“As always, the patient should be examined for gynecomastia, hair loss, size of testicles, and for masses. He should be asked about his sleep patterns, as well. For example, a person who works at night shouldn’t have his testosterone checked in the morning.”

-  Clifton Jackness, MD, Physician at Lenox Hill Hospital

Once you’ve been tested, your doctor might determine whether you have high or low testosterone and potentially prescribe you an appropriate treatment.

For example, he might prescribe testosterone replacement therapy (TRT) if you have a severe testosterone deficiency. If you only have a mild deficiency, your doctor may only advise you to take natural testosterone boosters.


References:

  1. https://www.nih.gov/news-events/nih-research-matters/understanding-how-testosterone-affects-men
  2. https://www.sciencedaily.com/releases/2013/02/130219121345.htm
  3. https://www.mayoclinic.org/diseases-conditions/hirsutism/symptoms-causes/syc-20354935
  4. https://www.bps.org.uk/psychologist/testosterone-and-male-behaviours
  5. https://www.webmd.com/men/features/low-testosterone-explained-how-do-you-know-when-levels-are-too-low
  6. https://www.endocrine.org/patient-engagement/endocrine-library/hormones-and-endocrine-function/reproductive-hormones
  7. https://www.iomcworld.org/medical-journals/testosterone-41916.html
  8. https://kidshealth.org/en/parents/test-testosterone.html
  9. https://www.health.harvard.edu/staying-healthy/testosterone--what-it-does-and-doesnt-do
  10. https://www.dbsalliance.org/education/ask-the-doc/can-going-on-or-off-hormones-cause-mood-swings-or-a-manic-episode/
  11. https://www.webmd.com/women/normal-testosterone-and-estrogen-levels-in-women
  12. https://my.clevelandclinic.org/health/articles/24101-testosterone
  13. https://www.medpagetoday.com/resource-centers/hypogonadism/expert-interview-clifton-jackness-md-important-considerations-testosterone-screening/1085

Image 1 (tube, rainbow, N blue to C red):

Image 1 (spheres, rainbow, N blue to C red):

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About The Author

James Cunningham, BSc, CPT
Staff Writer & Senior Coach
James Cunningham, BSc, CPT holds a BSc degree in Sport & Exercise Science from University of Hertfordshire. He's a Health & Performance Coach from London that brings a unique blend of academic knowledge of health supplements and practical exercise experience to the table for his readers.
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Dr. Kristy June Dayanan, BS, MD is an author with a BS degree from University of the Philippines and an MD from University of Perpetual Help System. Her ability to simplify medical science complexities and dietary supplement jargon for the average reader makes her a valued medical fact checker and reviewer.
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Dr. Harshi Dhingra, MBBS, MD is a published peer-reviewed author and renowned physician from India with over a decade of experience. With her MBBS from Bharati Vidyapeeth and an MD from Rajiv Gandhi University, she actively ensures the accuracy of online dietary supplement and medical information by reviewing and fact-checking health publications.
Learn more about our editorial policy